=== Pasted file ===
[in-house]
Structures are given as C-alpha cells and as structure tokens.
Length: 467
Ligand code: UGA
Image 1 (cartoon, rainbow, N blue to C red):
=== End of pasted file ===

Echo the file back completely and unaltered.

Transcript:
[in-house]
Structures are given as C-alpha cells and as structure tokens.
Length: 467
Ligand code: UGA
Image 1 (cartoon, rainbow, N blue to C red):